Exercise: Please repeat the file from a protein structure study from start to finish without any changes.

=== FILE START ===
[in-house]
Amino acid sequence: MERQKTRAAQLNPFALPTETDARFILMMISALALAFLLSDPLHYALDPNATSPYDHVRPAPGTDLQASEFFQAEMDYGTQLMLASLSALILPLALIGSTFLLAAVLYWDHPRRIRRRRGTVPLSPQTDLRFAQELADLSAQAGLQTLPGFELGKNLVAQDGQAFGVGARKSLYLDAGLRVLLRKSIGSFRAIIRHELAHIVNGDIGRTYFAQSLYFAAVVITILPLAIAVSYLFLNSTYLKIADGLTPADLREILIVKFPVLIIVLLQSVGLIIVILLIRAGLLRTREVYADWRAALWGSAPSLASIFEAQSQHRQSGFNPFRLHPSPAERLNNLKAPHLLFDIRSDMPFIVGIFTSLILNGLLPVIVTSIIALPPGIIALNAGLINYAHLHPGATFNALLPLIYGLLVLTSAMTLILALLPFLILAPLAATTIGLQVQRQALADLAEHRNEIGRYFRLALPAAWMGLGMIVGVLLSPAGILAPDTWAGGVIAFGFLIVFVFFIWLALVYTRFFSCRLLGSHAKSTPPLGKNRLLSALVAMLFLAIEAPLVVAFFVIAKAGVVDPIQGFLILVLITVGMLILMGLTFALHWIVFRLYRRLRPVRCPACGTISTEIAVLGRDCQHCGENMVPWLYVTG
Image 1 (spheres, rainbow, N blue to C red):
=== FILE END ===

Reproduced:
[in-house]
Amino acid sequence: MERQKTRAAQLNPFALPTETDARFILMMISALALAFLLSDPLHYALDPNATSPYDHVRPAPGTDLQASEFFQAEMDYGTQLMLASLSALILPLALIGSTFLLAAVLYWDHPRRIRRRRGTVPLSPQTDLRFAQELADLSAQAGLQTLPGFELGKNLVAQDGQAFGVGARKSLYLDAGLRVLLRKSIGSFRAIIRHELAHIVNGDIGRTYFAQSLYFAAVVITILPLAIAVSYLFLNSTYLKIADGLTPADLREILIVKFPVLIIVLLQSVGLIIVILLIRAGLLRTREVYADWRAALWGSAPSLASIFEAQSQHRQSGFNPFRLHPSPAERLNNLKAPHLLFDIRSDMPFIVGIFTSLILNGLLPVIVTSIIALPPGIIALNAGLINYAHLHPGATFNALLPLIYGLLVLTSAMTLILALLPFLILAPLAATTIGLQVQRQALADLAEHRNEIGRYFRLALPAAWMGLGMIVGVLLSPAGILAPDTWAGGVIAFGFLIVFVFFIWLALVYTRFFSCRLLGSHAKSTPPLGKNRLLSALVAMLFLAIEAPLVVAFFVIAKAGVVDPIQGFLILVLITVGMLILMGLTFALHWIVFRLYRRLRPVRCPACGTISTEIAVLGRDCQHCGENMVPWLYVTG
Image 1 (spheres, rainbow, N blue to C red):